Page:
The sugar rush produced by President Trump’s largess to corporations in the 2017 tax law didn’t deal with any of these long-run problems, and is already fading. Growth is expected to be a little under 2 percent next year.

This is where we’ve descended to, but not where we have to stay. A progressive capitalism based on an understanding of what gives rise to growth and societal well-being gives us a way out of this quagmire and a way up for our living standards.

Among Siglitz’s observations:

America created the first truly middle-class society; now, a middle-class life is increasingly out of reach for its citizens.

America arrived at this sorry state of affairs because we forgot that the true source of the wealth of a nation is the creativity and innovation of its people. One can get rich either by adding to the nation’s economic pie or by grabbing a larger share of the pie by exploiting others — abusing, for instance, market power or informational advantages.

We confused the hard work of wealth creation with wealth-grabbing (or, as economists call it, rent-seeking), and too many of our talented young people followed the siren call of getting rich quickly.

Beginning with the Reagan era, Stiglitz contends, economic policy played a key role in this dystopia:

Just as forces of globalization and technological change were contributing to growing inequality, we adopted policies that worsened societal inequities. Even as economic theories like information economics (dealing with the ever-present situation where information is imperfect), behavioral economics and game theory arose to explain why markets on their own are often not efficient, fair, stable or seemingly rational, we relied more on markets and scaled back social protections.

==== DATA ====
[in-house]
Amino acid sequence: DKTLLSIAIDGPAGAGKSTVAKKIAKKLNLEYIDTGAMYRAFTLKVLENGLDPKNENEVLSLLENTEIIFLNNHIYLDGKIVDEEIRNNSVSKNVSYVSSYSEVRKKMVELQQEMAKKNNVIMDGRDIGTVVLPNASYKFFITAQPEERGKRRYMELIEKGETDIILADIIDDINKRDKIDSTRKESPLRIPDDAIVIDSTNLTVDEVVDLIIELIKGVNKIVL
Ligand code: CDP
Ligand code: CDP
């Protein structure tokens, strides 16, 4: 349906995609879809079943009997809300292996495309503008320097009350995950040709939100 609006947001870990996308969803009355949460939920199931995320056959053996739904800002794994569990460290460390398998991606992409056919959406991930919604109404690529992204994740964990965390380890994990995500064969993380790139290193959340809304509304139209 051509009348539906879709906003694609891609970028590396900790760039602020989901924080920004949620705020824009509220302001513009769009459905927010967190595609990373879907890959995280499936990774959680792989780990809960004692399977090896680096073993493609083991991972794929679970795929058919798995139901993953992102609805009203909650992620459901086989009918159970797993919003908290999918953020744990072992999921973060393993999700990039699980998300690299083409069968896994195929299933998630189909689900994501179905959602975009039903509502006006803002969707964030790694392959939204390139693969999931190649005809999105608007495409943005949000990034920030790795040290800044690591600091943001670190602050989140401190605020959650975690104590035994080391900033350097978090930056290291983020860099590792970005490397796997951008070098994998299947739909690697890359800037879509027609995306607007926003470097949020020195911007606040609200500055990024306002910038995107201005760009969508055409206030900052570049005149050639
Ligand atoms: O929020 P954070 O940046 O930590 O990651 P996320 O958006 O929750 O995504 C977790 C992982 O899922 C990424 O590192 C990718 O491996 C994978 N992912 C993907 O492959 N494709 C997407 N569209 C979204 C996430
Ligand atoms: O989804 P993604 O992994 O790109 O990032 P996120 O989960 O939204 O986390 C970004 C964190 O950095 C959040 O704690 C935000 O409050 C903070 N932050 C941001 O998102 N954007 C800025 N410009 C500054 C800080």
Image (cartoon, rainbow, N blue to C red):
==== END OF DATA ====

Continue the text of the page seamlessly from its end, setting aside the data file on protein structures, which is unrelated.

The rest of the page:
The result is an economy with more exploitation — whether it’s abusive practices in the financial sector or the technology sector using our own data to take advantage of us at the cost of our privacy. The weakening of antitrust enforcement, and the failure of regulation to keep up with changes in our economy and the innovations in creating and leveraging market power, meant that markets became more concentrated and less competitive.

Politics has played a big role in the increase in corporate rent-seeking and the accompanying inequality. Markets don’t exist in a vacuum; they have to be structured by rules and regulations, and those rules and regulations must be enforced. Deregulation of the financial sector allowed bankers to engage in both excessively risky activities and more exploitive ones. 

Many economists understood that trade with developing countries would drive down American wages, especially for those with limited skills, and destroy jobs. We could and should have provided more assistance to affected workers (just as we should provide assistance to workers who lose their jobs as a result of technological change), but corporate interests opposed it. A weaker labor market conveniently meant lower labor costs at home to complement the cheap labor businesses employed abroad.

We are now in a vicious cycle: Greater economic inequality is leading, in our money-driven political system, to more political inequality, with weaker rules and deregulation causing still more economic inequality.